On June 11, 1963, Vivian Malone and James Hood walked through the doors of Foster Auditorium to enroll as students at The University of Alabama after Alabama Gov. George C. Wallace unsuccessfully attempted to block their enrollment.
That day changed Alabama and the nation, marking the beginning of school desegregation in the state and moving forward a comprehensive federal civil rights act.
The University remains committed to ensuring the day’s painful and triumphant events and the courageous individuals who stood up to injustice, discrimination and hate will never be forgotten.
UA's first African American student, Autherine J. Lucy was admitted. She was expelled three days later for her own safety in response to threats from a mob
The first sustained enrollment of African American students- Vivian J. Malone and James A. Hood- was achieved when the two enrolled on June 11.
Vivian Malone became the first African American graduate. She earned a degree in Commerce and Business Administration.
Autherine Lucy Foster graduated from the University with a master’s degree in education. The same day, her daughter, Grazia Foster, graduated with a bachelor’s degree in corporate finance.
James Hood returns to campus. The Black Faculty Staff Association announced the endowment of the Vivian Malone Jones Scholarship.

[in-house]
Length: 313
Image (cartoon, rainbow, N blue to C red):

Vivian Malone Jones died Oct. 13. In 2022 the UA Culverhouse Office of Diversity, Equity and Inclusion and the UA Black Alumni Association established The Malone Awards to celebrate alumni excellence and support student success.
The University of Alabama honors the legacy of Autherine Lucy Foster, Vivian Malone Jones, and James Hood with the dedication of Malone-Hood Plaza and the Autherine Lucy Foster clock tower at Foster Auditorium on Nov. 3.
"One person can make a difference if that one person is committed to making a difference."
-James Hood, who died Jan. 17.
Autherine Lucy Hall was dedicated Feb. 9. In March, Autherine Lucy Foster died and a memorial service was held for her on campus.
Malone and Hood’s courage opened doors not only for Black students, but for all students, faculty and staff. The University has proudly grown increasingly diverse in many ways, including race, ethnicity, gender, religion, abilities and sexual orientation.
Fall 2022 saw record enrollment of students of ethnic and racial minorities with 8,542 students, a more than 2% increase from last year. This includes an all-time high of 4,344 Black students and 2,138 Hispanic students.